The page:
Prescott wants police and crime commissioner job

By Alex Stevenson

John Prescott has become the highest-profile politician to seek election as a police and crime commissioner.

Labour's former deputy prime minister said he would stand for the job, overseeing the work of Humberside police, in elections set for this November.

Lord Prescott, who is 74, said he would use the experience of ten years in Cabinet and 40 years as an MP to improve the work of his local force.

He will reportedly use part of the £40,000 in damages paid by News Group Newspapers over his status as a phone-hacking victim to fund his campaign, Sky News reported.

"For the past 19 months, I have fought to hold the Metropolitan police to account for its unwillingness to investigate illegal phone hacking by Rupert Murdoch's News of the World," he told the Hull Daily Mail newspaper.

"I have now succeeded in securing an apology from both the police and News Group Newspapers.

"During this struggle, I came to believe that there should be greater transparency and accountability of our police.

"The public should have much more of a say in determining the force's priorities and responsibilities."

The establishment of police and crime commissioners, which concentrates the power of the old police authorities into a single person, is a coalition government proposal.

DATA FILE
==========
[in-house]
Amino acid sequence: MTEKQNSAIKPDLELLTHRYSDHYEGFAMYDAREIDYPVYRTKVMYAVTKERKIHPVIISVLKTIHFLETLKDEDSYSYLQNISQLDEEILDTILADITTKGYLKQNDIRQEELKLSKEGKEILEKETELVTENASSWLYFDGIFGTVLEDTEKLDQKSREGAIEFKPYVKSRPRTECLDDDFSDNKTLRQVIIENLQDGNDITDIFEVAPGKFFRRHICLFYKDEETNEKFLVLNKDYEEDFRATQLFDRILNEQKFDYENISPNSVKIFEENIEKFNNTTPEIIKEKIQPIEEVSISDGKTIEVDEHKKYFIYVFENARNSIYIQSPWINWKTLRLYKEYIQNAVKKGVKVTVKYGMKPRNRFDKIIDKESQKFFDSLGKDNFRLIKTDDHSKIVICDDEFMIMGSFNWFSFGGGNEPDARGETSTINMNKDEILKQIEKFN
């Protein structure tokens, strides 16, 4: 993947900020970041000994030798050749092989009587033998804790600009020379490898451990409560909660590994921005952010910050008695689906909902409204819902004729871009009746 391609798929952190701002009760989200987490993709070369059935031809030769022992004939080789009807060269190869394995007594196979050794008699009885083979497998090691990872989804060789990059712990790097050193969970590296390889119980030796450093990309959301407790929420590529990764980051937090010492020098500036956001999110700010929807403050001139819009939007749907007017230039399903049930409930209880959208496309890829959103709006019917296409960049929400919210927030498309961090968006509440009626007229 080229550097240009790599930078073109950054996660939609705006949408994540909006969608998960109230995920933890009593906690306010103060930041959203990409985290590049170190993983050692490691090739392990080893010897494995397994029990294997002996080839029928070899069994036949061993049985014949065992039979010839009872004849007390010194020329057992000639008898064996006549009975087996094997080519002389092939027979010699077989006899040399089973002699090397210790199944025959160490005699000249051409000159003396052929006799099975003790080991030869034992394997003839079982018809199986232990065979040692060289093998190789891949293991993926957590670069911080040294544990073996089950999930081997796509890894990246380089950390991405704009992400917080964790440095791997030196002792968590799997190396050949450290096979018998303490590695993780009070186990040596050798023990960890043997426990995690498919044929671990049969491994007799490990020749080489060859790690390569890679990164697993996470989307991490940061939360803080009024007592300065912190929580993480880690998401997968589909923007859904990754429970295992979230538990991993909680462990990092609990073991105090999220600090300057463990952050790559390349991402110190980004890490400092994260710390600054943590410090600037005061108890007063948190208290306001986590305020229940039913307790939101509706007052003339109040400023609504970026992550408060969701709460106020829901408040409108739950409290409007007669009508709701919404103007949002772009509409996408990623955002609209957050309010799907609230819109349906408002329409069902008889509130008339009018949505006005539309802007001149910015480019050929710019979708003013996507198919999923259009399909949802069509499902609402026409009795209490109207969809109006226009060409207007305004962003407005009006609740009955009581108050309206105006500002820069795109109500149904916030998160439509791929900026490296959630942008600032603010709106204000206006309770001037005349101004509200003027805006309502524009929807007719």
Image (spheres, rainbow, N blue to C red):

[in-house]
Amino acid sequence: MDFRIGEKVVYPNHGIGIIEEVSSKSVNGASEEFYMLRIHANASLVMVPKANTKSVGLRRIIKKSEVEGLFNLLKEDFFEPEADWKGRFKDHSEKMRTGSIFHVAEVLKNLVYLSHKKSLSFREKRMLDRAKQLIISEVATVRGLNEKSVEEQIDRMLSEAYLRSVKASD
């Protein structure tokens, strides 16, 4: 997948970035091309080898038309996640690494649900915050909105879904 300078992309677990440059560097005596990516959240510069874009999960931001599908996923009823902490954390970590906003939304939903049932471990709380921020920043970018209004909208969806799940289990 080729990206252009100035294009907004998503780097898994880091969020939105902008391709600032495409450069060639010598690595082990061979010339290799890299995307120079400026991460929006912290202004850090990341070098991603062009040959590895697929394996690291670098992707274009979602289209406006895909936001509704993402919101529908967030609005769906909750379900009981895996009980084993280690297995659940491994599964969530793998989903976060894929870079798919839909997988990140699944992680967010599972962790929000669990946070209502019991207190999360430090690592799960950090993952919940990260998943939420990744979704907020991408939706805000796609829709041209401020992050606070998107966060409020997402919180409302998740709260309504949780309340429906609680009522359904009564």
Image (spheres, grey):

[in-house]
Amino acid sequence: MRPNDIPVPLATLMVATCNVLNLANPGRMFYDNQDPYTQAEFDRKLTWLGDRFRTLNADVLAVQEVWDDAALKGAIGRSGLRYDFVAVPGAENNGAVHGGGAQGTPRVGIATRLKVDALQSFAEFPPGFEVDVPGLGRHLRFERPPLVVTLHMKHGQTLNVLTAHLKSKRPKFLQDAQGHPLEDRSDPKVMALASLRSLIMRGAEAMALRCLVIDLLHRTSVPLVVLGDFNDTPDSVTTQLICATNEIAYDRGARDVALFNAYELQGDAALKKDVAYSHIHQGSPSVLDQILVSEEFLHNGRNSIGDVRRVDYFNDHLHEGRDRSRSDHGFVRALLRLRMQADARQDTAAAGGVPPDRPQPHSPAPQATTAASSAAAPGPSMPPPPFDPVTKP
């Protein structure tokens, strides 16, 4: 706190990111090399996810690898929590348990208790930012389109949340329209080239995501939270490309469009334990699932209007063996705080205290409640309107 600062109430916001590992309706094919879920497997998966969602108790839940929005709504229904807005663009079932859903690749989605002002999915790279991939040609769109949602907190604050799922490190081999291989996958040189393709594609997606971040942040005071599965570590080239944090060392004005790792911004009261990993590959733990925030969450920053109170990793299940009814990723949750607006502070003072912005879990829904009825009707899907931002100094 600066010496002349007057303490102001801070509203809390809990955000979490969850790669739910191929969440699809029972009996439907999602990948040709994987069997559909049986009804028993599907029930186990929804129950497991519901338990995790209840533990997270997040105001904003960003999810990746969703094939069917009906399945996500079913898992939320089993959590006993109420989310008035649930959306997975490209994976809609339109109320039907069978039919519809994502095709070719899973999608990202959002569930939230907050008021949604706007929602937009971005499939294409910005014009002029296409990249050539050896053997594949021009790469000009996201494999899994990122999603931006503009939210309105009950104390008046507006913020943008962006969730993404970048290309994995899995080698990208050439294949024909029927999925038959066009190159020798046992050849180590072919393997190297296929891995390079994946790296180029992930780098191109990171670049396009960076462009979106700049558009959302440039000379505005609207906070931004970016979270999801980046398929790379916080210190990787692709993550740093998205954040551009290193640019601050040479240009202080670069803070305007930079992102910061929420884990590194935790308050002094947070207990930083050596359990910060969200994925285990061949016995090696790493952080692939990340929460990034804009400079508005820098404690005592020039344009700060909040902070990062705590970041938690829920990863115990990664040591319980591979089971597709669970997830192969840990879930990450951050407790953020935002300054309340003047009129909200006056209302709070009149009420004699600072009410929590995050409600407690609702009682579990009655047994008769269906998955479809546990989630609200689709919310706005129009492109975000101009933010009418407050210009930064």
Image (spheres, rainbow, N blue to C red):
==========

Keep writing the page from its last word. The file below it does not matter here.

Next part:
But Lord Prescott said Labour's achievements in cutting crime through more CCTV, anti-social behaviour orders and neighbourhood policing meant his party had a better record on law and order issues.

"If shortlisted to be Labour's candidate, I will spend the next few months touring the region, listening to people across East Yorkshire and North Lincolnshire to determine their needs and concerns," he added.

"They will help draft my manifesto and, if elected police and crime commissioner, shape Humberside police's policing plan."

Lord Prescott joins ex-Hull city council leader Colin Inglis and former Humberside police chief Keith Hunter in the race.

He is not the only former Labour minister seeking a return to power. Alun Michael, who served as a Home Office minister in Tony Blair's first term in power, is running in South Wales.

This week Falklands War veteran Simon Weston, who suffered 70 operations as a result of burns received when his ship was sunk, announced he would take on Mr Michael for the post.